There is a club if you will, a club of those bilingual and bicultural individuals who have never had to learn a new culture or language. Wondering if you fall into this group? The way to know the answer is simple: have you been in a situation where you see or hear something taking place in one language or culture and automatically filter it and not realize that what is actually taking place is not “normal”?
A perfect example from my own life is when I was five or maybe seven years old. I was at an event with my family where there was a speaker and an interpreter. After about 15 minutes of sitting through this speaker, I turned to my mom and asked why one man was repeating everything the other man was saying…the interpreter, of course, was having to “repeat” everything in Spanish. Being able to transition from one language or culture to the other, can often be beneficial, however there are times when it can trick you.
Although I love being bilingual and moving seamlessly from Spanish to English or vice versa, there are times when it can trick me. In fact, this happens to me nearly on a daily basis. I say something in English, all my words are correct, however my grammar and sentence structure is 100% in Spanish. I have certainly been part of some good laughs due to the occasional mix up. In addition, the most frustrating thing about two languages occurs when I am trying to remember a word in English and only can think of it in Spanish or vice versa. These are small examples that show how being tricked is possible, however it is well worth the embarrassing or funny moments.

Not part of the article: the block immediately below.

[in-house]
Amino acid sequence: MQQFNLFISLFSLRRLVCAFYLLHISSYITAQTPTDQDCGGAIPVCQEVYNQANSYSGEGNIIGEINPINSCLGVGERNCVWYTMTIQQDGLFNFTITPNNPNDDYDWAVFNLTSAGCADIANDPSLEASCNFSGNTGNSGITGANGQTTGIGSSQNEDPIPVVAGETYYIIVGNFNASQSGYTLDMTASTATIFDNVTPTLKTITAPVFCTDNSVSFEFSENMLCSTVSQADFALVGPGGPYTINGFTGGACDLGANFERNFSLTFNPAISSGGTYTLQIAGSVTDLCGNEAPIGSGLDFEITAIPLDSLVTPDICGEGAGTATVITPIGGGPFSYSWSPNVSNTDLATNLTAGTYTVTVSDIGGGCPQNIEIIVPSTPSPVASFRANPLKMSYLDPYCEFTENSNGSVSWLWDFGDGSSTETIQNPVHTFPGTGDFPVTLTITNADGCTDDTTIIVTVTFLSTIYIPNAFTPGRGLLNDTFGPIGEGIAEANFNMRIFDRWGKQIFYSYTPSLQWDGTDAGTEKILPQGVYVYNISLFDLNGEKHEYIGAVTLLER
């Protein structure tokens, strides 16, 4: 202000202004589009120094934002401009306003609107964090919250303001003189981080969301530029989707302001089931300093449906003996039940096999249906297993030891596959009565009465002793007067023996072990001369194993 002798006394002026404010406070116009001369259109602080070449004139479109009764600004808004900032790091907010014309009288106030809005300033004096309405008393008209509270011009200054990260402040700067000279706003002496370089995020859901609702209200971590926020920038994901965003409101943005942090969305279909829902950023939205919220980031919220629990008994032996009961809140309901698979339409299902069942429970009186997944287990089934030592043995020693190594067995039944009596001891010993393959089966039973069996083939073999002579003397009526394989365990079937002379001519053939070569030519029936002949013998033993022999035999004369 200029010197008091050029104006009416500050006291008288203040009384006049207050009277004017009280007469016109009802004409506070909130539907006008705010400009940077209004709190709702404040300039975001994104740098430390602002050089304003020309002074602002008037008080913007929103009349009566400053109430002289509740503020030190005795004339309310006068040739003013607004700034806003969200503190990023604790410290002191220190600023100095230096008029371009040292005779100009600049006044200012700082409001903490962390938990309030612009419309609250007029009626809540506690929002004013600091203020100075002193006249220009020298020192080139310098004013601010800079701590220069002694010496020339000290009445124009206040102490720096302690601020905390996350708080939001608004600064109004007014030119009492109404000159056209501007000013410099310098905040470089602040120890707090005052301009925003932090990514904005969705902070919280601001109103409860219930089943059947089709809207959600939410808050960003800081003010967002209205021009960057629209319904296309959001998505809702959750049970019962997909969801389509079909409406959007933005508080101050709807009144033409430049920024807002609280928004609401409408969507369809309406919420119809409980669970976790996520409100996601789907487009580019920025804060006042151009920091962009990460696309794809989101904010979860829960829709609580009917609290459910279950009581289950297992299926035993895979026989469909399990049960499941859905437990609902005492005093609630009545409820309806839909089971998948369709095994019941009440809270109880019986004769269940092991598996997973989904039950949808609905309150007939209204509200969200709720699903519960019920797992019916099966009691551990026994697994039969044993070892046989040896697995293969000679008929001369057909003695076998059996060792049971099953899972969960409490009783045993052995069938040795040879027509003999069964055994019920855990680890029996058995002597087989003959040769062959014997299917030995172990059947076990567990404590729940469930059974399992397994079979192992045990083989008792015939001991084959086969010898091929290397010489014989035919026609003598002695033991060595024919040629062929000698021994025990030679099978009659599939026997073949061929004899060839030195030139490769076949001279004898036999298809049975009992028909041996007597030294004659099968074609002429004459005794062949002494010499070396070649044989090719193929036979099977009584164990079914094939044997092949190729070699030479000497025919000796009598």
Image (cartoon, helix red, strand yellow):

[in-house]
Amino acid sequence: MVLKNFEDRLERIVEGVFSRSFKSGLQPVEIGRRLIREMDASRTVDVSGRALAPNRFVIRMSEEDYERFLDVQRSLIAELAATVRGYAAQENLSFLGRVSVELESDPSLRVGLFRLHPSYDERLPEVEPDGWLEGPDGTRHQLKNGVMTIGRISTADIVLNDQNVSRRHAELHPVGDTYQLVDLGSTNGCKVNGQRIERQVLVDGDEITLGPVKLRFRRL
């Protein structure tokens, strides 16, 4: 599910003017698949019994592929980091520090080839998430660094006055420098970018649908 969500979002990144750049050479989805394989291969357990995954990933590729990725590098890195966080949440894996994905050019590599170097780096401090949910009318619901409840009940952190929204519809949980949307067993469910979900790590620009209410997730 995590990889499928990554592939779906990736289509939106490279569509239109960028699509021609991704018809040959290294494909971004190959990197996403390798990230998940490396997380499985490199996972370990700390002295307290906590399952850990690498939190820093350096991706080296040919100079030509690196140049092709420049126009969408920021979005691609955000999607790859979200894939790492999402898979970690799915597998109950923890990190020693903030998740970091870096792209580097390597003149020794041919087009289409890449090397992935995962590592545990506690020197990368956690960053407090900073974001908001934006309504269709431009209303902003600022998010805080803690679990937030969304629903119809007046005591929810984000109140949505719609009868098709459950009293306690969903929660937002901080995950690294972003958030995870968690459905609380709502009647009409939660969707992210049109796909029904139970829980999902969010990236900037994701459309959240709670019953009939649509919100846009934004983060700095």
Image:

In the same way that having both languages in one’s head can be tricky, it certainly is a treat to transition from one language to the other without thinking about it. This is especially helpful when it comes to feeling at home in different cultural settings. It is a treat to have two languages to express oneself. This is especially true when talking with another bilingual individual! It is a great skill and asset to have the treat of being bilingual and bicultural, is it worth it though?
Of course it is worth it! Yes there are moments where it creates extreme frustration, embarrassment and funny moments. Part of the treat that comes with being bilingual and bicultural is embarrassing the moments where being part of that club is the direct cause of frustration. Those are the moments that trick our mind, but they are also moments we embrace. Although being bilingual and bicultural can be a trick at times it is overwhelmingly a treat.